All About the Extended Essay
As an IB student, I'm required to write a 4000-word essay on answering a particular question for a subject of my choice. This is the Extended Essay, also known as the EE.
I took a friend's advice (who already graduated this year) to finish up my EE during the summer holidays. I'm not completely done at the moment but I'm very close to finishing it up! The whole process was a learning experience that will probably help me a lot when it comes to writing essays and theses in college.
Before we even got started with the writing, we even had to submit a first, second, and third choice of subjects and research questions. Since one teacher could only supervise two to three students, the school wanted to avoid a situation where all the students would crowd around for a particular subject (which is common for psychology, Korean Language, and English). Thankfully, I'd talked about writing an EE in psychology with my teacher at the start of the year so she knew that I have been planning for it for a while. This, and a solid frame of ideas helped me get the subject that I wanted.
Coming up with a suitable research question proved to be the hardest part of writing my EE. The question had to be specific enough to narrow down the scope of my research — 4000 words would not be enough to go on about everything that I found out about a certain topic, nor would it be following the requirements of the IB. I know I wanted my EE to focus on the field of developmental psychology and the use of technology.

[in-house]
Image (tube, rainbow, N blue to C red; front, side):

After a number of discussions with my supervisor, I finalised it to do with exploring the negative and positive effects of screen time at a very young age (I'm paraphrasing the question because I don't want it to seem plagiarised when they mark it next year). I was excited to see where research would lead me. I had thoughts of my own but I did not let that colour my research or writing in any way.
Then the fun (and probably one of the most important) parts began. As I did my research, I collated all of the information into a table to create a 'literature review'. I organised the study's bibliography, main parts of the aim, procedure, results, and conclusions as well as an evaluation of its strengths and weaknesses. Then I labelled them 'for', 'against' my argument or as an 'alternative explanation'. After a while, just reading through my summaries gave me an idea of how to structure my essay. Finding my own style of creating a literature review took a while, but after I got the hang of it, it made the actual writing of the essay a breeze. I technically had everything that I needed to say in bullet points.
The EE is definitely a long-term project that you need to work on step by step in order to fully grasp the materials and produce your own stance on them. I've seen some 'miracle stories' or finishing the EE in less than two days before the deadline; while that might be a demonstration of extreme focus, I'd advise people to stick with a plan and try to talk about the EE with their supervisor if they have any concerns (big or small).
I'm feeling pumped to start writing my essay again! I'm working on one of the final sections of it and then I'll be done with the first draft :D